Before I start reporting to you on the process of self-publishing my book, Mr Middleton’s Teleporter, I thought I better give some background as to why I have decided to self-publish at all.

I wrote Mr Middleton’s Teleporter about eighteen months ago, not long after I moved to Sydney.  I used to get the bus route from where I lived at the time, in North Bondi, to Taylor Square, Darlinghurst, where I used to get off and walk to Surry Hills, where I still work part-time as a researcher for a government arts body.  Along the way, I would stare out the window and look at Oxford Street’s representative sample of the amazing array of what the capitalist world has to offer.  I liked, in particular, looking at the window display for a shop called Satch at one of the places where the bus would stop for a group of children to get off and go to school.  Satch always had very chic women’s clothes made from expensive fabrics which I could look at appreciatively from the bus window without having to feel squirmily inadequate at seeing the price tags up close.  Next door was a chocolate cafe, which also looked quite appealing.

Anyway, I digress.  Further along the Street, there is a really daggy, old 1970s brick building, which probably houses the last accountancy offices or other non-design type offerings on entire Street.  In one of the lower windows of the brick building was a poster with a picture of a giant satellite dish.  The text on the sign read “The largest teleport network in all Asia.”

“Teleport network?”  The first time I saw that sign, I did a double-take.  The bus kept roaring past, so I tried to crane my neck to check I had read that correctly, but it was too late, we had whizzed on past.  

The next morning I was more prepared, less dreamy.  The sign definitely said “teleport network.”  What’s more, it was an old sign, had been hanging in the window long enough to grow dusty and sun-faded so that the colour of the blue sky in the poster looked like somewhat like the tired holiday ads in the old Israeli travel agency on Balaclava Street, where I used to live in Melbourne.  

My brain instantly went on a happy little joy-ride into the possibility.  Teleporting.  How fantastic would that be?

A scribbled down my idea for the story on a few A4 Spiral Notebook pages, and a few weeks later, figured, what the heck?  I might as well try and write it up as a story.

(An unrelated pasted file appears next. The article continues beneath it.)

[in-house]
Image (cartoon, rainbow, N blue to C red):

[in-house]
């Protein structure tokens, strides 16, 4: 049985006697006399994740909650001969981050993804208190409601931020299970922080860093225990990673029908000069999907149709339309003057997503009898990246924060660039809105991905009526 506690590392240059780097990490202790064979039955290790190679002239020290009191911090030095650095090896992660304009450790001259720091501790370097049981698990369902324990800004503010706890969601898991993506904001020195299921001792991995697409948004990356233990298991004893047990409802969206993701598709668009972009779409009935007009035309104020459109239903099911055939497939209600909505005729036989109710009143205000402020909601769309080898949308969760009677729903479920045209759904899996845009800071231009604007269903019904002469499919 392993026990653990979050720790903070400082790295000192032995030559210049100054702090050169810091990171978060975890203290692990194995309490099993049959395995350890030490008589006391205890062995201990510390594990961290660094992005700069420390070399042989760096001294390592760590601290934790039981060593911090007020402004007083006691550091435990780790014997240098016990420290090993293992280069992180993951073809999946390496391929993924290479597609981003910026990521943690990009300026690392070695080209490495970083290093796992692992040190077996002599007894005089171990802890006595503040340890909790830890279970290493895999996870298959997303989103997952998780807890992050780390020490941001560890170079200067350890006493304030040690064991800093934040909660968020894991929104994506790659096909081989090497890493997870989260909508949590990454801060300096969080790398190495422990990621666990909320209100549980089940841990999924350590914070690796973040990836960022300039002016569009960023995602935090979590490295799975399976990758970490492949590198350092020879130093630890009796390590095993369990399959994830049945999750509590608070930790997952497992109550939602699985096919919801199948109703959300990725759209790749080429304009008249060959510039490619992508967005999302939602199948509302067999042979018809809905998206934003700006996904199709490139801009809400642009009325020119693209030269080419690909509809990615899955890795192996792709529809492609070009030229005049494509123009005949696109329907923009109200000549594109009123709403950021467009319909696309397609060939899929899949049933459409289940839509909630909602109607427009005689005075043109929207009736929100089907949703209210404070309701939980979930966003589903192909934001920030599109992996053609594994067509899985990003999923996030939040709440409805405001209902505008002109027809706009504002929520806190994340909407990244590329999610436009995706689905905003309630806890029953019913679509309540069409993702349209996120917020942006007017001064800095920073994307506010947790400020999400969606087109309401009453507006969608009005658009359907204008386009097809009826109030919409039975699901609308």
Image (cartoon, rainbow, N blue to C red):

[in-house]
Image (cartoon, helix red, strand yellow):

Which I did.  After a few days, I had something I sort of liked.  I put it aside for several months, then tried to write its ending. I was happy with it, but didn’t think it was really finished.  I had other things to go on with, though, so I saved it and carried on.

A few months later, I was in Melbourne and caught up with a friend I liked a lot, but hadn’t seen in about five years.  She is a very cool girl, and the coollest thing about her is that she doesn’t know how cool she is.  In fact, in trying to find a link for her on the Internet just now, I discovered she just won an Australian Publishers Association Award for best children’s book cover design.  And she never said anything!  That’s how cool she is.   Also, she is one of the few people I know with whom I can effortlessly exchange Cartman jokes and not feel misunderstood. 

Anyway, when I got back to Sydney, I was thinking, my friend would enjoy this story.  It wasn’t finished yet, in my books, but she might have a laugh, anyway.  So I emailed it to her.

She got back to me, saying that she had stayed up all night reading it and that she loved it so much she wanted to know if I was ok with her passing it on to a friend of hers, who was one of the commissioning editors for one of the big publishing houses.  

I was like, aaah! Hang on, let me polish it up!  But by the time I got back to my friend, she had already passed it on to the editor.  

All I could do, then, was wait….calmly, meditatively, getting on with my life….

aaah! x 100!

To be continued.